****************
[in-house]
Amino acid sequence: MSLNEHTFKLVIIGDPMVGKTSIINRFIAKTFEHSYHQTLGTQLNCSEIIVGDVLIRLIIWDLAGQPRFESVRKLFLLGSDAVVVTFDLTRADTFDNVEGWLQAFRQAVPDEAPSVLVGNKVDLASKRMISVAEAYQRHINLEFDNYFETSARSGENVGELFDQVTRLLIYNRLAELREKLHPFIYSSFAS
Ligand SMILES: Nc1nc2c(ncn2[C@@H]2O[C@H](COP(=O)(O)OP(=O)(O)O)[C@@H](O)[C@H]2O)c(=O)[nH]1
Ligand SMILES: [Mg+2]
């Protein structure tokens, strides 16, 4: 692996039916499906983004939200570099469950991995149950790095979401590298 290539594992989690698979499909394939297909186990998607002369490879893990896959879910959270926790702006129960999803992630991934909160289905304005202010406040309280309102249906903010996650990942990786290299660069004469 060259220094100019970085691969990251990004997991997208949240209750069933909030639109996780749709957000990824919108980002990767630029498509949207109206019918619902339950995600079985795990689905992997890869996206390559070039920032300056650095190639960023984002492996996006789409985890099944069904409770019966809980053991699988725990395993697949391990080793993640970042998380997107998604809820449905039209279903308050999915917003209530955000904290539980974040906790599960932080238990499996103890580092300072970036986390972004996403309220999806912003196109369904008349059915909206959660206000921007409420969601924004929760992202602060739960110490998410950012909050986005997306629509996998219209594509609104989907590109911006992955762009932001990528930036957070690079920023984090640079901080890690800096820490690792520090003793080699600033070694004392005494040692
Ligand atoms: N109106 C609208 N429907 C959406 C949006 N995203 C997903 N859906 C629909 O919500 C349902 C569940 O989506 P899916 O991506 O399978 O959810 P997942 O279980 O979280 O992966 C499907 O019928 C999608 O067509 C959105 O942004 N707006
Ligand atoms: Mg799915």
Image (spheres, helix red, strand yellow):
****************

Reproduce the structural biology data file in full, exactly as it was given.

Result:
[in-house]
Amino acid sequence: MSLNEHTFKLVIIGDPMVGKTSIINRFIAKTFEHSYHQTLGTQLNCSEIIVGDVLIRLIIWDLAGQPRFESVRKLFLLGSDAVVVTFDLTRADTFDNVEGWLQAFRQAVPDEAPSVLVGNKVDLASKRMISVAEAYQRHINLEFDNYFETSARSGENVGELFDQVTRLLIYNRLAELREKLHPFIYSSFAS
Ligand SMILES: Nc1nc2c(ncn2[C@@H]2O[C@H](COP(=O)(O)OP(=O)(O)O)[C@@H](O)[C@H]2O)c(=O)[nH]1
Ligand SMILES: [Mg+2]
């Protein structure tokens, strides 16, 4: 692996039916499906983004939200570099469950991995149950790095979401590298 290539594992989690698979499909394939297909186990998607002369490879893990896959879910959270926790702006129960999803992630991934909160289905304005202010406040309280309102249906903010996650990942990786290299660069004469 060259220094100019970085691969990251990004997991997208949240209750069933909030639109996780749709957000990824919108980002990767630029498509949207109206019918619902339950995600079985795990689905992997890869996206390559070039920032300056650095190639960023984002492996996006789409985890099944069904409770019966809980053991699988725990395993697949391990080793993640970042998380997107998604809820449905039209279903308050999915917003209530955000904290539980974040906790599960932080238990499996103890580092300072970036986390972004996403309220999806912003196109369904008349059915909206959660206000921007409420969601924004929760992202602060739960110490998410950012909050986005997306629509996998219209594509609104989907590109911006992955762009932001990528930036957070690079920023984090640079901080890690800096820490690792520090003793080699600033070694004392005494040692
Ligand atoms: N109106 C609208 N429907 C959406 C949006 N995203 C997903 N859906 C629909 O919500 C349902 C569940 O989506 P899916 O991506 O399978 O959810 P997942 O279980 O979280 O992966 C499907 O019928 C999608 O067509 C959105 O942004 N707006
Ligand atoms: Mg799915």
Image (spheres, helix red, strand yellow):